Where is Idarubicin used?
Idarubicin is a medication used in people with acute myelogenous leukemia (AML). It is a type of cancer of white blood cells. This prescription is used along with other medications for the treatment of AML. Idarubicin is in the family of drugs known as anthracyclines that slow or stops the growth of the cells that causes cancer in your body. The Food and Drug Administration has approved this prescription for medical use.
How does Idarubicin work?
Chemotherapy medications that affect cells only while they are separating are termed cell-cycle specific. It affects cells once they are not working are termed cell-cycle non-specific. The development of chemotherapy is set depending on the type of cells, the proportion at which they split, and the time at which a given medicine is likely to be effective. This is why chemotherapy is usually given in cycles.
Chemotherapy is most effective at killing cells that are dividing rapidly. However, this type of therapy does not know the difference between normal cells and cancerous cells. In the meantime, the normal cells will grow back and be healthy but side effects will occur. The most commonly affected are the blood cells, the cells in the stomach, mouth, and hair follicles. It results in nausea, low blood counts, diarrhea, mouth sores, and hair loss. Different drugs may affect different parts of the body.
Idarubicin is categorized as an antitumor antibiotic. This type of medicine is made from natural products made by species of the soil fungus Streptomyces. This medicine act during multiple phases of the cell cycle and is considered cell-cycle specific. Idarubicin belongs to the anthracyclines category of antitumor antibiotics. It stops the cancer cells from separating into two new cells, so it blocks the growth of cancer.
How is Idarubicin used?
- Idarubicin comes as a solution to be injected intravenously over 10 to 15 minutes by a doctor along with other chemotherapy medications.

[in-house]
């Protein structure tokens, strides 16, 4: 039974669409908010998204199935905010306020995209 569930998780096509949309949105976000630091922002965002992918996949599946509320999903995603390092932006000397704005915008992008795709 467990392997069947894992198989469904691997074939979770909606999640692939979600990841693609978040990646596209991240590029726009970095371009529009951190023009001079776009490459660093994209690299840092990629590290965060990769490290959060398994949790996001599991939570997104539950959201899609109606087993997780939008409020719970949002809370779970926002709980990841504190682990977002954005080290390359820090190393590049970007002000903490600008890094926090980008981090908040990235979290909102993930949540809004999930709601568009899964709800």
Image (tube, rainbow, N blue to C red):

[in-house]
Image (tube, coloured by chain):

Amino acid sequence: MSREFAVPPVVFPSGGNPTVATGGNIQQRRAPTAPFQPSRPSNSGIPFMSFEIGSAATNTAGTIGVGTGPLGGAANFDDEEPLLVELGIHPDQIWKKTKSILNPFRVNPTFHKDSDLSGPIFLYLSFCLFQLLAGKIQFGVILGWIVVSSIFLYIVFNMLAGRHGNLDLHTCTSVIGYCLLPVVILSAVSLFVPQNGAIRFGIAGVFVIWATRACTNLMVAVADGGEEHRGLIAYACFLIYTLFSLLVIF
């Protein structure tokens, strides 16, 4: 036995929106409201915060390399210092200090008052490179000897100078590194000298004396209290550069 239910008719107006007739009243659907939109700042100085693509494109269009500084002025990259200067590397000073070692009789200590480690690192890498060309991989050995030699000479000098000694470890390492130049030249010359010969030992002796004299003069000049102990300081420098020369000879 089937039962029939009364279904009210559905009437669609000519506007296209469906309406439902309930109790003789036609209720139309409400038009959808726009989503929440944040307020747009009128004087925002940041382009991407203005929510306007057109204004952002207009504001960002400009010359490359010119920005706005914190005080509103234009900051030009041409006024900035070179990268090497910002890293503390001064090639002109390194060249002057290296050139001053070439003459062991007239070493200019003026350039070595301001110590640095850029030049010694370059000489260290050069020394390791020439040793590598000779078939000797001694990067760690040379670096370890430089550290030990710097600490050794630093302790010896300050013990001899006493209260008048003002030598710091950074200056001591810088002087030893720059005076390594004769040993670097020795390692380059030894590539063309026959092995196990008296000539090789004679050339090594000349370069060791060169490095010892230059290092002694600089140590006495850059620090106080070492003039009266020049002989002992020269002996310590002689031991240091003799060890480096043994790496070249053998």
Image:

- It is usually given once a day for 3 days.
- Your doctor may need to adjust your dose or change the schedule of your treatment if you experience some side effects.
- It is vital to inform your doctor how you are feeling during your treatment with this medication.
What are the possible side effects of Idarubicin?
- Loss of appetite and weight loss
- Bleeding gums, bruising, or nose bleeds
- Feeling sick
- Sore mouth
- Hair loss
- Heartburn or indigestion
- Chills or high temperature
- Abdominal cramps
What are the precautions in using Idarubicin?
- While having this treatment, do not breastfeed.
- Do not receive any kind of vaccination or immunization without the approval of your doctor while taking Idarubicin.
- You may be more sensitive to sunlight, take extra care to avoid sun exposure.
- People who have already had high doses of this drug, those with congestive heart failure, and with long-lasting problems with blood counts cannot receive this medicine.
- Before starting this treatment, make sure you tell your doctor about any other medications you are taking. Do not take aspirin or products having aspirin unless your doctor permits this.
- You may be at risk of infection. Try to avoid people with colds and report any other signs of infection to your health care provider.